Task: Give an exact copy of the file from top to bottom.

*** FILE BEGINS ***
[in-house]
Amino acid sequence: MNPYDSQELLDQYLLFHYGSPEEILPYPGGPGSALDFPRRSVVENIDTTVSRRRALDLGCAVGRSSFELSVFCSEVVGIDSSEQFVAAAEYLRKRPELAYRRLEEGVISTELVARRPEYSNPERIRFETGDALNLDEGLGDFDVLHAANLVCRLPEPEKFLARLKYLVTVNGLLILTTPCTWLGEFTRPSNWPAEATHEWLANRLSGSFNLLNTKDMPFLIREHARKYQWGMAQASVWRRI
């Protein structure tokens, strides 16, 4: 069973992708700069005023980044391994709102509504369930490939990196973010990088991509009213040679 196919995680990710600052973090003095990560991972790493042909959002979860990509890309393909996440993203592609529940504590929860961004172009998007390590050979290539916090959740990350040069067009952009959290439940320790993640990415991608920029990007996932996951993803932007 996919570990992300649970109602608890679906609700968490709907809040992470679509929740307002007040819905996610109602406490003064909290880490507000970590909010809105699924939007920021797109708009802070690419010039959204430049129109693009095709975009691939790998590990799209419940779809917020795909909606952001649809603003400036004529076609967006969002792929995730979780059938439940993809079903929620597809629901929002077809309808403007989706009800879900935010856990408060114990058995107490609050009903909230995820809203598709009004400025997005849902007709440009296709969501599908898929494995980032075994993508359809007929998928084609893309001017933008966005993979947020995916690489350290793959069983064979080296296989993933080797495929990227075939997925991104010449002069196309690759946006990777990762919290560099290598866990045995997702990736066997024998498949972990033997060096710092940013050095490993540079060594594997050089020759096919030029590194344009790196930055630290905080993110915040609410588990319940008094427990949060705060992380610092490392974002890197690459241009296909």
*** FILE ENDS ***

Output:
[in-house]
Amino acid sequence: MNPYDSQELLDQYLLFHYGSPEEILPYPGGPGSALDFPRRSVVENIDTTVSRRRALDLGCAVGRSSFELSVFCSEVVGIDSSEQFVAAAEYLRKRPELAYRRLEEGVISTELVARRPEYSNPERIRFETGDALNLDEGLGDFDVLHAANLVCRLPEPEKFLARLKYLVTVNGLLILTTPCTWLGEFTRPSNWPAEATHEWLANRLSGSFNLLNTKDMPFLIREHARKYQWGMAQASVWRRI
């Protein structure tokens, strides 16, 4: 069973992708700069005023980044391994709102509504369930490939990196973010990088991509009213040679 196919995680990710600052973090003095990560991972790493042909959002979860990509890309393909996440993203592609529940504590929860961004172009998007390590050979290539916090959740990350040069067009952009959290439940320790993640990415991608920029990007996932996951993803932007 996919570990992300649970109602608890679906609700968490709907809040992470679509929740307002007040819905996610109602406490003064909290880490507000970590909010809105699924939007920021797109708009802070690419010039959204430049129109693009095709975009691939790998590990799209419940779809917020795909909606952001649809603003400036004529076609967006969002792929995730979780059938439940993809079903929620597809629901929002077809309808403007989706009800879900935010856990408060114990058995107490609050009903909230995820809203598709009004400025997005849902007709440009296709969501599908898929494995980032075994993508359809007929998928084609893309001017933008966005993979947020995916690489350290793959069983064979080296296989993933080797495929990227075939997925991104010449002069196309690759946006990777990762919290560099290598866990045995997702990736066997024998498949972990033997060096710092940013050095490993540079060594594997050089020759096919030029590194344009790196930055630290905080993110915040609410588990319940008094427990949060705060992380610092490392974002890197690459241009296909």